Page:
Pakistan refuses to take part in US investigation of NATO attack
Pakistan has refused to take part in a US investigation into an attack on a border post by NATO helicopters since it has "lost trust" in such probes, a military spokesman said Saturday.
The United States had asked Pakistan to take part in the investigation into the November 26 airstrike in which 24 Pakistani soldiers were killed, Defence Department spokesman, George Little, told reporters on Friday.
But Pakistan had declined to be part of the probe as similar investigations in the past had failed to assign responsibility for attacks or reach any definite conclusions, a military spokesman told dpa.
"There was no result in three previous probes about cross border attacks, so why we should believe that this one will be result- oriented and hence different from the others?" he said.
The US has already tasked Brig Gen Stephen Clark of the Air Force Special Operations Command with leading the investigation. State Department spokesman, Mark Toner, said Friday that the findings would be made public.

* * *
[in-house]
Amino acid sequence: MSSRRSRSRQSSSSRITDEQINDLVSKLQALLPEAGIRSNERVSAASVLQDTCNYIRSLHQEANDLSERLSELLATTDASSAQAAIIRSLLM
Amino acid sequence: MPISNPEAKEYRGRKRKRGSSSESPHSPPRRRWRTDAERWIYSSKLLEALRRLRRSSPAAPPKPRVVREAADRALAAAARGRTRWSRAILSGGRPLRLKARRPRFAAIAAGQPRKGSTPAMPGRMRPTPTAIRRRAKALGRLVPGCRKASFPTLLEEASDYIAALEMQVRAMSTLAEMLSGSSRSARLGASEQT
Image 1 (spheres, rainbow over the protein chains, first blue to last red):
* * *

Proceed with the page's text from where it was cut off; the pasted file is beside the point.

Pakistan and the US have given different accounts of the incident, which has further strained relations already under duress due to the killing of two Pakistanis by a CIA contractor earlier this year and the unilateral US raid in which terrorist leader Osama bin Laden was killed in May.
Pakistan has reacted angrily to the strike, blocking NATO supply routes passing through its territory and boycotting the international conference on Afghanistan in the German city of Bonn, scheduled to begin on Monday.
Army chief General Ashfaq Parvez Kayani has also authorized local commanders to return fire during any future cross border incursion without receiving formal permission from command headquarters.